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Editor: Jaap Horst

Volume 21, Issue 2

Ron Kellogg’s Bugatti Type 57/59 Roadster Special

By: Gary D. Smith. Top picture: Gray Counts’ finished rendering.

The finished car and Dave Holls original rough sketches of the car that Gray Counts used as a guide for his rendering.

All I did was answer an ad for a Alfa GTA.

So I drove down to Scottsdale to see an Alfa GTA that was for sale. The man that had the car was selling it for a friend. He took me behind a rather large, impressive shop to where the car was parked along with the remains of several project cars and various other pieces. I decided that the Alfa was too big of a project for me, but in the course of conversation I mentioned that I had worked at GM Design staff. My host asked me if I knew Dave Holls who I had worked for indirectly, since he was a director over several studios.

That seemed to be all the credentials I needed to get a tour of Chuck Rahn’s shop. He had several very interesting car projects going on, and eventually we sat down in his office. There on the wall was a print of a very unusual painting.

In the late ’70s I was assigned to Buick Exterior Production Studio, and sat next to an extremely gifted designer, Gray Counts. He had developed a reputation for exceptional renderings, and Dave Holls asked him to illustrate a design that he had roughly sketched similar to a 1937 Type 57 Bugatti. Bob Shaw, a friend of Dave’s in Florida had a Bugatti chassis and an engine, but no body. So it was decided that Dave would design a body similar to what Jean Bugatti might have done originally utilizing T59 Grand Prix racing wheels and a left hand drive seating position. Dave’s rough sketches ended up on Gray’s drawing table to refine and illustrate. There were very few prints made of that illustration, and I had one framed on my wall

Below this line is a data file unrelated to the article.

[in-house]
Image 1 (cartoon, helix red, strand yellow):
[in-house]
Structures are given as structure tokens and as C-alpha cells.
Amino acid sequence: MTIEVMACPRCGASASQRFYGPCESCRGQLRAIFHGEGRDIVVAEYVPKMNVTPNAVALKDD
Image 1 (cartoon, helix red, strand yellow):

Fast forward 30 years later. There was one of Gray Counts’ prints on the wall in Chuck Rahn’s office. I was really surprised to see it, and told Chuck my story. He floored me by telling me that the unfinished car was in his other garage. The car had the start of an aluminum body, but it wasn’t right. The engine was at an engine builder, and chassis and other parts were in his shop. There also had been fabricated a set of unbelievable banjo wire wheels for the car. Cost, apparently, was no object.

The unfinished car stored in Ron’s garage.

Left: Dave Holls, Bob Shaw (I think), Chuck Rahn, and Ron Kellogg.

Ron Kellogg bought the stalled project. The project being resurrected, Dave Holls paid Chuck Rahn a visit armed with a full-size line drawing of his vision of the car, did some studio arm waving, and left Chuck to figure it all out.

I visited Chuck a few times, and I could see he was struggling to interpret what he was seeing in Dave’s sketches and translate that into 3D in the form of a foam model over the chassis. So I offered to help, and Chuck gave me the opportunity to give Ron Kellogg a presentation to try and get involved with the project. I demonstrated what was wrong with the body they had and proposed a practical process to design the body that would lead to a spectacular result. Ron subsequently hired me to come up with the body design based on Dave’s rendering. The problem with Dave’s sketches and rendering is that while they gave a sense of gesture and stance, there wasn’t enough information that would define the forms and shapes, and work out all of the transitions and surface development necessary to complete a car.